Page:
I thought it might be helpful to see a few cases where a food borne outbreak brought the attention of the US Attorney’s office. “Forwarded is Forearmed.”
Odwalla: In 1998 in what was the first criminal conviction in a large-scale food-poisoning outbreak, Odwalla Inc. pleaded guilty to violating Federal food safety laws and agreed to pay a $1.5 million fine for selling tainted apple juice that killed a 16-month-old girl and sickened 70 other people in several states in 1996.
Odwalla, based in Half Moon Bay, CA, pleaded guilty to 16 counts of unknowingly delivering “adulterated food products for introduction into interstate commerce” in relation to the October 1996 outbreak. A batch of its juice infected with the toxic E. coli O157:H7 bacteria sickened people in Colorado, California, Washington and Canada. Fourteen children developed a life-threatening disease (hemolytic uremic syndrome -HUS) that ravages kidneys.
At the time, the $1.5 million penalty was the largest criminal penalty in a food poisoning case. Odwalla also was on court-supervised probation for five years. As part of the probation, the company had to submit a detailed plan to the food and drug agency demonstrating its food safety precautions and any subsequent violations could have resulted in more serious charges.
Jensen Farms: In 2012 Eric Jensen, age 37, and Ryan Jensen, age 33, brothers who owned and operated Jensen Farms, a fourth-generation cantaloupe operation in Colorado, presented themselves to U.S. marshals in Denver and were taken into custody on federal charges brought by the U.S. Attorney’s Office with the Food and Drug Administration – Office of Criminal Investigation.
According to the six-count indictment, Eric and Ryan Jensen unknowingly introduced adulterated (Listeria-tainted) cantaloupe into interstate commerce. The indictment further stated that the cantaloupe was prepared, packed and held under conditions that rendered it injurious to health. The outbreak sickened more than 147 in the fall of 2011, killing more than 33 people in 28 states. The Jensen’s faced up to six years in jail and $1.5 million each in fines. The eventually pleaded guilty and were sentenced to five years of probation.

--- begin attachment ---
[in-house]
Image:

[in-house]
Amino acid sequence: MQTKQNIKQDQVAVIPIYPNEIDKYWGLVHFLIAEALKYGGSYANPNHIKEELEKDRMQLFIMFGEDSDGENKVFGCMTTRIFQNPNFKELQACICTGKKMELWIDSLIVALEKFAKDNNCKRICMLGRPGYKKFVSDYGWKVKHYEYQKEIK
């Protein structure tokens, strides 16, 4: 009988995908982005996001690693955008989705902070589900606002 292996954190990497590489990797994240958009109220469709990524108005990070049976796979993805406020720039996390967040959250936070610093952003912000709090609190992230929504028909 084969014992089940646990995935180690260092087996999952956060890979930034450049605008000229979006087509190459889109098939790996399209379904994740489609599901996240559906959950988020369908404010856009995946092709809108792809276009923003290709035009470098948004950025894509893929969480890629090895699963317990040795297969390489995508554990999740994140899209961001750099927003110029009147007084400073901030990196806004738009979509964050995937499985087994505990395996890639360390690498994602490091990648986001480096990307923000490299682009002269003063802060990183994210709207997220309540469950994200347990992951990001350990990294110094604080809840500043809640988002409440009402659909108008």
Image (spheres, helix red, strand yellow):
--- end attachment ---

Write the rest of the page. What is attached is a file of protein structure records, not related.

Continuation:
Jack DeCoster: In 2013, Austin “Jack” DeCoster and his son, Peter DeCoster, both faced charges stemming from a Salmonella outbreak caused by their Iowa egg farms in 2010. The Salmonella outbreak ran from May 1 to Nov. 30, 2010, and prompted the recall of more than a half-billion eggs. And, while there were 1,939 confirmed infections, statistical models used to account for Salmonella illnesses in the U.S. suggested that the eggs may have sickened more than 62,000 people.
The family business, known as Quality Egg LLC, pleaded guilty in 2015 to a federal felony count of bribing a USDA egg inspector and to two misdemeanors of unknowingly introducing adulterated food into interstate commerce. As part of the plea agreement, Quality Egg paid a $6.8 million fine and the DeCosters $100,000 each, for a total of $7 million. Both DeCosters were sentenced to three months in jail. They are appealing the jail sentence.
ConAgra: In 2015 ConAgra Foods agreed to plead guilty and pay $11.2 million in connection with the shipment of Salmonella contaminated peanut butter linked to a 2006 through 2007 nationwide outbreak of that sickened more than 700. ConAgra signed a plea agreement admitting that it unknowingly introduced Peter Pan and private label peanut butter contaminated with Salmonella into interstate commerce during the outbreak.
PCA: In 2015 former Peanut Corporation of America owner Stewart Parnell, his brother and one-time peanut broker Michael Parnell, and Mary Wilkerson, former quality control manager at the company’s Blakely, GA, plant, faced a federal jury in Albany, GA.
The 12-member jury found Stewart Parnell guilty on 67 federal felony counts. Michael Parnell was found guilty on 30 counts. Wilkerson was found guilty of one of the two counts of obstruction of justice fined against her. Two other PCA employees earlier pleaded guilty to charges related to the outbreak.
The felony charges of introducing adulterated food into interstate commerce, “with the intent to defraud or mislead,” stemmed from a 2008 to 2009 Salmonella outbreak that sickened 714 and left nine dead. All defendants were sentenced in July of 2015. Stewart and Michael are facing decades in jail.
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